Abu Dhabi, UAEThursday 24 October 2019

Hundreds of Abu Dhabi workers receive Dh10 million in unpaid wages

Their case was resolved in a mobile court

The case was resolved in an Abu Dhabi Mobile Court, on display at the Gitex in Dubai in 2014. Pawan Singh / The National 
The case was resolved in an Abu Dhabi Mobile Court, on display at the Gitex in Dubai in 2014. Pawan Singh / The National 

Hundreds of Abu Dhabi workers have won a battle to recover more than Dh10 million in unpaid wages from their employer.

More than 1,000 labourers - including cooks, waiters, administrators and drivers - were left out of pocket when the catering firm halted payments a year ago due to financial troubles.

A group of 297 people lodged a complaint to the labour ministry and received their money in February.

Hundreds more, however, only came forward with their complaints two months ago, said Abdulla Al Nuaimi, head of the Abu Dhabi Labour Court.

It is the responsibility of the labour court to retrieve the money owed and pay the workers

Abdulla Al Nuaimi, head of the Abu Dhabi Labour Court

“Nonetheless, their case was resolved in one month," he said. Officials did not publicly name the company involved.

A ministerial decision issued last year, says that lawsuits filed by a group of 100 workers or more are to be heard by a designated committee under the Ministry of Human Resources and Emiratisation.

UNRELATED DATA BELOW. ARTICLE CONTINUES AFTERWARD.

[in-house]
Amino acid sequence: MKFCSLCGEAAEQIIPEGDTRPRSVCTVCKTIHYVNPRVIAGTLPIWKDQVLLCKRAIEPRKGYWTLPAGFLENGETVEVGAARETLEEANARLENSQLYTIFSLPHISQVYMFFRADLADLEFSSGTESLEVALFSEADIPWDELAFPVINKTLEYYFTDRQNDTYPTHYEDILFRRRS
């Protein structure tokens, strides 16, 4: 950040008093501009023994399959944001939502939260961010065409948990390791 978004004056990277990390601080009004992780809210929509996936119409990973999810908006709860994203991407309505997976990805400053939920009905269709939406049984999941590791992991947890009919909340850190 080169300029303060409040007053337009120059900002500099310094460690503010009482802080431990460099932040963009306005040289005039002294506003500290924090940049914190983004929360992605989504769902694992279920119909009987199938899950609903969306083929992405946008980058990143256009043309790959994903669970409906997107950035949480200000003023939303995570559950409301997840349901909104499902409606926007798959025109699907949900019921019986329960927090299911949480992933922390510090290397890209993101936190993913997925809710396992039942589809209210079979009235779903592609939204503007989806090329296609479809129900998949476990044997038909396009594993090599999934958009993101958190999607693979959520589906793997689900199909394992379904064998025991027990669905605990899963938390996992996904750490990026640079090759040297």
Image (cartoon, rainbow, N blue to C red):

The new claim was the first to be heard by the committee.

The case was settled on a 'mobile court', a bus which travels from area to area to resolve labour disputes.

It ruled to pay the workers their owed wages and the labour court was tasked with retrieving the money.

“It is the responsibility of the labour court to retrieve the money owed and pay the workers,” said Mr Al Nuaimi.

“Gathering more than 10 million dirhams is not an easy task, but we managed to do it in one month.”

The court contacted government departments that the company had contracts with and asked them to hand over any funds they had in connection with it.

“They were all very co-operative in handing us the money because the law says paying labour wages should be top priority," he said.

Once the money was settled, the court issued cheques for the workers with their due amounts and moved to their labour camp using the mobile-court-bus to settle the issue on the spot.

“The workers were given the option to receive a flight ticket and return home, or to find a new job and shift to a new sponsor,” said Mr Al Nuaimi.

“Also, during the period of the lawsuit, the labour court took care of the workers’ accommodation and food, we made sure they were not kicked out of their labour camp," he said.

Updated: September 22, 2019 08:37 AM

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